In Ave Caesar players race chariots around a track, watched by Caesar himself. The first person across the line after three laps wins, but only if they remember to pay tribute to Caesar on the way…
The board shows the track (or tracks, there are options), broken into various sections. Players take a chariot of their preferred colour and a deck of cards to go with it. They deal themselves three cards and the game begins.
The rules are simple – on your turn, play a card (they are numbered between 1 and 6) and move your chariot the appropriate number of spaces along the track. Chariots can move straight ahead or diagonally ahead; but they MUST move the number of spaces on the card (no more, no less) and they cannot pass through spaces occupied by other chariots. So it’s quite possible to find yourself unable to play a card, as some road hog ahead of you blocks the way. Additionally, the chariot in the lead cannot play a six – this is essentially a balancing mechanism to stop someone running away with the race.
At the start of your second or third lap, you need to veer off the track and throw your coin to Caesar. The game asks that you yell “Ave Caesar!” at this point, but feel free to fly in the face of this if your ancestors were dumped on by the Romans.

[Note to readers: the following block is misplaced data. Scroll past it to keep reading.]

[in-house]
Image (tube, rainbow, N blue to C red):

That’s pretty much it. Very simple rules belie a chaotic and combative game that is all about getting in each other’s faces.
You need to love a bunfight, and if you do Ave Caesar scratches an itch. I enjoy the odd game, but to me it doesn’t have the replayability of the linked games below – Magical Athlete is more ludicrous, High Tail It! and Snow Tails a cannier affair. But Caesar has its fans too, and I can see why.
High. Very high. It's impossible to play this game without getting in someone's way, whether they - and you - like it or not.
Low. Players play a card (if they can), move a chariot, and potentially hurl acquiescence at the emperor - and invective at each other.
You only ever have three choices. Often less.
If you like the very combative flavour of Ave Caesar, the cards ensure some randomness, and a game doesn't take long.